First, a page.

As a Hollywood cinematographer, I always have to be on my toes and ready for whatever is going to be thrown at me. At times, it isn’t easy; at times, you have to make it up as you go, but the one thing that has never changed for me over the course of 25 years+ on set is that blocking is an absolute necessity in the puzzle that is filmmaking. Without blocking, we’d be flying blind into the eye of the storm.
Today, I’m going to deconstruct my 3rd feature film, Crazy/Beautiful (2001) directed by John Stockwell. This movie has a special place in my heart, due to John and I sinking as much detail, character emotion, and “blocking” into the film as possible. It essentially was a masterclass and a first-hand look at how important it is to break down a character’s perspective through action in the scene. Since graduating to do multiple features, TV series, commercials, and short films… I’ve always kept in mind what we did on this project!
Blocking a scene is when the director, director of photography, and the script supervisor get together 1-on-1 with the talent to break the scene down into beats. Essentially, we are taking the written action in the script and bringing it to life on location, figuring out shots, and vetting any problem spots along the way. It’s important for this to happen because it creates a foundation for creativity, and a direction in which to guide the rest of the crew.
Some directors don’t like to block the scene and let the actors solve the puzzle themselves, which can work at times! For me, I’ve always found blocking to be beneficial for everyone across the board. It helps you figure out camera placement, light placement, what lens will best emote the scene, where we might run into trouble, and the list goes on!
Originally, in this Crazy/Beautiful scene, we had Nicole Oakley standing at her locker packing her belongings. In the moment, Carlos Nuñez would enter through the doorway and approach her, meeting half way in front of the table.
After watching the first couple of blocking rehearsals, I turned to John Stockwell pitching the idea of her being on her knees and when Carlos comes in, all he would see would be a head over the top of the table. To me, this made her character feel more damaged and vulnerable to the world around her. It created an emotional perspective for Carlos as we establish him surveying the location at first glance. After pitching that, John looked to me said, “I LOVE IT!” and the rest is history…
The first tip with blocking and collaborating with a director is to push the ideas through them. Ultimately, some of them stick and some of them don’t. Be malleable and always, always, always think about the scene first and what’s necessary to get the most out of it. Collaboration is absolutely key in making sure you understand everyone’s perspective to create the best environment to work in.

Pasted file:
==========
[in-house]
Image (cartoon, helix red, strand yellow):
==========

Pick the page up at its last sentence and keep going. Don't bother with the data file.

So let’s break down the philosophy behind this scene and why I believe it worked in terms of blocking!
The first thing you want to ask is: what should the audience feel once they are engaged in the scene? Let’s break this down into shots and compositions. We are going to want to set up the scene in a well-composed wide, establish him entering the room, then cut to his perspective of her behind the table, which finally cuts back to the monstrous wide with Nicole standing up and Carlos meeting her behind the table.
These are our establishing shots in the scene. They put our characters in the location and express their level of emotion. Nicole looks broken and distraught as she kneels behind the table. Carlos moves with compassion, curiosity, and with purpose to find Nicole. He pulls the room into a more intimate setting as he approaches her.
Now, let’s discuss the coverage of when Nicole and Carlos start their dialogue. The second tip is to always meditate on how you want the coverage presented to the audience. There are multiple ways to tell a story in a movie. It depends on the lens choice, format (film or digital), coloring, lighting, and the plethora of other choices we have as filmmakers.…
Narrowing down what you think is essential for the characters and to add to narrative is the most important first step. Let’s consider a few different ways that other filmmakers in the past have covered scenes in a movie:
Stanley Kubrick was always known for what is called “hallway coverage.” He goes by unloading the frame as much as possible and dishes it out to the audience in an unbiased nature. This means that the audience has to become active participants and figure out whether the characters are good, bad, happy, sad, angry, and so forth…
For example, in his 1980 box office hit, The Shining, Stanley Kubrick designed the film to only punch in on the scene when absolutely necessary. He found that close ups should only be used when conveying new information or to emphasize a point, place, or thing. The theory behind this is that too much coverage will lose its value to an audience and when it’s time for a close up to have meaning, it will be rendered as unresponsive. This is absolutely critical in a psychological-horror film like this one!